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Joshua_Fox comments on Two More Things to Unlearn from School - Less Wrong

55 Post author: Eliezer_Yudkowsky 12 July 2007 05:45PM

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Comment author: Joshua_Fox 17 July 2007 01:51:11AM 1 point [-]

Not all schools/universities are as grim as all that. I went to a small liberal arts university where research professors taught small classes, and although it wasn't perfect, the students who wanted to learn critical thought were encouraged by many professors to do so.

> trusting authority. Learning critical thinking of great minds is a decent start on developing one's own, and closer than most students will ever get.

> "Maybe I'd better ... consult another textbook, they'd fail > all the courses they took that quarter."

I did that occasionally, and passed!

> with a textbook chapter plus homework to be done every week - the courses > are timed for frantic memorization, it's not possible to deeply chew over > and leisurely digest knowledge in the same period.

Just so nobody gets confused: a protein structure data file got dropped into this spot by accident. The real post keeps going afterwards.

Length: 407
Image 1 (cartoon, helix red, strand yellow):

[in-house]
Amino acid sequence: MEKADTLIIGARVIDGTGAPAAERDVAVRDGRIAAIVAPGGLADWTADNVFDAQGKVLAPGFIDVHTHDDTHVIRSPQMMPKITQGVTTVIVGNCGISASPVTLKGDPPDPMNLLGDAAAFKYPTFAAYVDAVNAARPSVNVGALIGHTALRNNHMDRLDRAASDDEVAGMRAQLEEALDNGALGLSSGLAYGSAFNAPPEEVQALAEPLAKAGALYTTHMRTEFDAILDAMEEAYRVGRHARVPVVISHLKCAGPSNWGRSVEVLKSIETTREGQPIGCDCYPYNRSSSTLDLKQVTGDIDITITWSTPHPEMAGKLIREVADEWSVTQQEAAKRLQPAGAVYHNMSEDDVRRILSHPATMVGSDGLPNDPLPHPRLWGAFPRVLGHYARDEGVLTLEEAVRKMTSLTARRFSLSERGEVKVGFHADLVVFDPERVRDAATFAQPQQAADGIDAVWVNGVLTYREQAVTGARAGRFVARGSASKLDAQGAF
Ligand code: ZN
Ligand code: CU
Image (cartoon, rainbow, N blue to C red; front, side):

Almost no one would have the mental discipline to use the extra time to digest the knowledge.

And don't put memorization down -- deeper thought needs to complement memorization, but cannot replace it.

> A month later they would understand the material far better and > remember it much longer - but one month after finals is too late

The ideal approach would have graded work on a course spread out over as long a time as possible: Twice-weekly exercises, weekly quizzes, monthly midterms, semesterly exams, year-end finals, and a summary test at the end of the degree, like many European universities. There would also be papers and reports. All these would have a significant weighting in the final grade.

This would encourage students to continually re-learn the material. Also, tests and other graded work are great ways to learn in themselves -- at least while they are doing them, students are exercising their brains to some extent.

And of course, it would not harm the students' grades, since grades can be made to fall into any curve, high or low as you please, whether or not you make the students re-learn the material.

The main barrier to this proposal is that educators don't want to put the effort into grading.

Eliezer, I hate to raise an ad hominem point, but how do you know what you know about formal schooling?